Well-known cinematographer Santosh Sivan has directed quite a few films and won several national and international awards. In fact, his film Terrorist has been described as one of the 100 best films in the world by Pulitzer-prize winning movie expert Roger Ebert. Now, for the first time, Sivan is directing a film in his mother tongue Malayalam. Anandabhadram, starring Prithviraj, Kavya Madhavan, Riya Sen, Manoj K Jayan and Kalabhavan Mani, is a fairytale.
Sivan speaks about his directorial venture, due for release this Diwali in Kerala.
You began directing Anandabhadram immediately after shooting Mistress Of Spices. Can we say that directing a film in your mother tongue is like searching for your roots?
More than searching for your roots, it is reinventing yourself or recharging. I have shot a lot of Malayalam films and two of my national awards are for Perunthachan and Kalapani. Then there was Sreekumaran Thampi's Mohiniyattam, Shaji N Karun's Vaanaprastham, etc. I like shooting these off-beat films that are also commercial in nature. And, I always wanted to make Malayalam films.
A sneak peak into Mistress Of Spices
When I went to London to shoot Mistress of Spices, those people told me how different my style of working was. Then you realize you have in you so much of what you have learnt from Kerala, for example, watching and being a part of arts like Kathakali, Mohiniyattam, etc. All the metaphors connected with them remain in you forever. It is this background that makes you interesting to people in a place like London.
I also showed them the films I did for Kerala Tourism, and they used to ask me a lot of questions. I used to take classes for them. I used to talk about how differently light is treated in Kerala because it is always kept out. It has to always force itself in through windows and courtyards. This is totally different from how light is treated by people in London. But most people are trying to ape the west when they make films in India.
What attracted you to the story of Anandabhadram?
When I first read the story, I felt I was walking into one of the stories my grandmother used to tell me, the ones rich in tradition, folk narration and mystical elements. But this story is actually set in real times. A young man (Prithviraj) from San Francisco comes to his ancestral village for the first time in his life with his mother's ashes. He wants to light a lamp at the sacred grove, which his mother (Revathy) used to frequently light as a young girl. He slowly realises that all the stories his mother had told him were true; people of the village still believe in many things he didn't. They believe in trans-migration. I have realised that those Indians who are settled abroad are more culturally bound to India than us who live here. They want something to cling on to. There is some element of disbelief in all these things, though we have added an element of believability to the script. The film is basically about trans-migration, the good and evil.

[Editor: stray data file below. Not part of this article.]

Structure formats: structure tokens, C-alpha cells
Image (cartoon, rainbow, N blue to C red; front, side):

Did you grow up listening to your own grandmother's tales?
Yes, she used to tell a lot of stories. She also used to paint and sketch. In fact, she used to teach painting at the Travancore Palace. My father also used to sketch and, of course, he was a photographer. I have strong memories of all that.
Have you used a lot of symbols and metaphors in the film, or is it a straight narration?
Yes, I have used symbols in the film; symbols that are very local and traditional. For example, for the get-up of Digambaran played by Manoj K Jayan, a practising Tantric, I have used images from Theyyam, Kathakali, etc. All symbols used are basically from the traditional arts of Kerala. It is like revisiting old times. You see a very traditional Kerala in the film. Digambaran, the protagonist, is a very traditionally rooted character. The only difference is he is using all that for negative purposes.
You said that making this film was like reinventing yourself. Could you really do that?
I can do that whenever I go back to Kerala. I will give you an example. I used to play hockey when I was young. In the afternoons, we used to look at the sky to see if it would rain or not. At the time, I saw green becoming greener, clouds changing shapes, and light getting darker. I was not making an effort to study nature but I noticed so many things. Those images have stayed with me, intact. As I went around looking for location sites, it brought back so many memories.
Is it necessary for an artist to be nostalgic, sometimes at least, to be more creative?
For me, yes. Everything is inside you but, sometimes, you have to go back to rediscover them.
It must have been a totally different experience making a film in Malayalam with a small budet after working for an English film with a huge budget
Sometimes, you enjoy this contradiction. I think that is the whole idea of filmmaking. It is good to do cinematography or make films with the basics and, sometimes, it is good to have the luxury of everything. I feel you are blessed if you can have both these worlds.
Did you enjoy making Anandabhadram more than your other films?
I enjoyed it more because I was also directing it. Directing a film in Malayalam is more in my comfort zone. Of course, every film you do, you enjoy in a certain way. Here, I would say you are working with your people and talking in your own language. I tried to bring in a kind of order, which I had picked up from English films. We could finish the film in just 44 days.